From: Vincent W.J. van Gerven Oei
Exit Explains: The Albanian Electoral Code Changes

Albania has a unicameral legislative branch consisting of an Assembly (Kuvend) with 140 MPs (deputetet). For more than a decade, the OSCE-ODIHR has been asking for fundamental reforms in the elector system, related to the politicization of officials, party finances, and the issue of vote buying and vote pressuring. Changes to Electoral Code according to OSC-ODIHR recommendations were one of the conditions for the opening of EU accession negotiations.

Following negotiations in an ad-hoc “Political Council” containing government, parliamentary opposition, and extra-parliamentary opposition, Constitutional and Electoral Code reforms were adopted in July 2020, in part addressing the issues raised by OSCE-ODIHR. The July 2020 changes were followed by additional, unilaterally imposed reforms by the Socialist Party, initially vetoed by President Ilir Meta but eventually adopted by the Assembly in October 2020. The internationals “regretted” the reforms. In December 2020, the Venice Commission of the Council of Europe ruled that the reforms pushed through by the Socialist Party were “extremely hasty.”

Consensual changes to electoral system adopted in July 2020:

  1. Changing the electoral system to a “proportional system with regional competition.” Until now, the Constitution stipulated that the electoral system is a “proportional system with multi-name constituencies” —the constituencies had to conform to one of the administrative-territorial divisions of the country, leaving open that there could be a single constituency, i.e., a national system. The definition of “regional competition”, now made in the Constitution, excludes the national proportional system. On the other hand, the term “regional” is not defined in the Constitution and it is not clear what it means.
  2. Biometric voter identification: A biometric voting system has been implemented throughout Albania, but currently not working in multiple voting locations.
  3. Restructuring the Central Election Commission (KQZ): The KQZ now consists of three independent decision-making bodies: a five-member body that sets the rules and guidelines, a five-member body that reviews complaints, and a person who will practice all activities for holding elections, which will also lead the KQZ administration.
  4. Charging the KQZ with the decision to vote for emigrants: The Electoral Code has authorized the KQZ  to decide when Albanian citizens living abroad will have the opportunity to vote abroad. The KQZ is also charged with the implementation of this decision, whenever it is taken. Migrant voting is currently possible, though the government has blocked Greek and North Macedonian voters from voting by imposing quarantine on those entering the country.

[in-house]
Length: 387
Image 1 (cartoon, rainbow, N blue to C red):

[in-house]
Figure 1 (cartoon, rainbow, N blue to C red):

5. Election of members of the Electoral College: The Electoral College, which consists of eight judges, will be elected not only by appellate judges but also those of the first instance; also, the Code ruled that members of the Electoral College should be vetoed in advance.
  6. Amendments to the Police Law to define the role of the police in elections.
  7. Amendments to the Law on the Status of Judges and Prosecutors, to decide that election issues should be included in the assessment of vetting and careers for magistrates who have considered such cases.
  8. Amendments to the Law on SPAK and the Prosecutor General to investigate electoral corruption.
  9. Changes in the financing of political parties in election campaigns.
  10. Determining the gender formula in the selection of candidates and MPs.
  11. Establishing the status of a whistleblower of electoral crimes, which will enjoy legal protection.

Unilateral changes pushed through by PS, adopted in October 2020:

  1. Reduction of the national threshold from 3% to 1%. The national threshold is the minimum number of votes a party must receive to win a seat.
  2. The leader of the party or coalition has the right to register as a candidate for deputy in four constituencies. After the vote they can choose in which constituency he wants to be an MP.
  3. After the elections candidates on all lists are divided into two lists: secure and not-secure. Both lists are ranked. If a candidate on the non-secure list has more votes than the average of votes obtained by the candidates on the secure list, they are placed on the secure list. In practice this will hardly ever happen, thus basically keeping lists “closed.”
  4. A change from separate list coalitions to joint list ones. Coalition parties must submit only a joint list of candidates and register as a single electoral subject. This means that voters will vote for the coalition, not for the parties within it, separately. This change makes the formation of post-electoral coalitions more difficult.